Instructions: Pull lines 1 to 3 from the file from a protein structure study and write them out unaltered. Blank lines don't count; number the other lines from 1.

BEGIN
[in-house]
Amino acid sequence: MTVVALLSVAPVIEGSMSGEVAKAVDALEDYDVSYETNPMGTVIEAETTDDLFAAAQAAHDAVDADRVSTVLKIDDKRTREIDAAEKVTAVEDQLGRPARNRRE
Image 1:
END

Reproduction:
[in-house]
Amino acid sequence: MTVVALLSVAPVIEGSMSGEVAKAVDALEDYDVSYETNPMGTVIEAETTDDLFAAAQAAHDAVDADRVSTVLKIDDKRTREIDAAEKVTAVEDQLGRPARNRRE
Image 1: